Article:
I often assume that it’s difference (of opinion, position, whichever) that holds things back.

It occurred to me the other day that it’s indifference that’s possibly the real enemy; an engine that seems to run quietly in the background, its gears grinding decision-making to a crawl with the result that good energy, intention and aims are sacrificed and so much indistinct design work sees the light of day. 

Ideas and experiences mis-communicated or missed as a result of nothing (seemingly) more than indifference.

The mis-shaped metaphor (of the first ‘computer’) here contains an interesting heart-of-the-matter.

The actual engine was devised to calculate ‘divided differences’ (an algorithmic activity) – but from its divided-ness came all sorts of answers which were simply beyond pencil and paper calculations. It helped stretch rather than stifle activity.

Whereas now many of us are stuck with a ‘dividing indifference’ – a programme that unfortunately has the opposite effect of The Engine. 

It’s my contention indifference is the thing that’s the real hidden killer of progress, that creates divide-ness not by opposition or argument – but simply by appearing not to be bothered. To calculate, quite as deliberately as the machinery, that no view is better than some (or even one.)

Being indifferent – appearing to hold no opinion, interest or concern – is a tricky thing to discuss. No-one wants to accuse the other of it. Instead we assume that there must be good reason for not holding forth or arguing a point. Be it politic to stay silent, to determine to be deferential or over-tactful so as not to upset or offend.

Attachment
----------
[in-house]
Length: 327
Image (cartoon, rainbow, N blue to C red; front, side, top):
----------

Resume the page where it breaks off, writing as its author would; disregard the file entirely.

But it’s that which leads to the mediocre and ironically prevents business capturing the point of difference (indeed, the point at all) that they really need.

It takes us back to beige. Vanilla for all. Worst of it, seeming not to care.

Of course there are a million good reasons why people pull their punches or bite their tongues. That’s probably the saddest part of this, that businesses should be built to bring people together to hold them apart. What a weird way of being different. 

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About Richard Hill

Creative director, writer, designer, illustrator based in the UK with global project experience and consulting skills across sectors.

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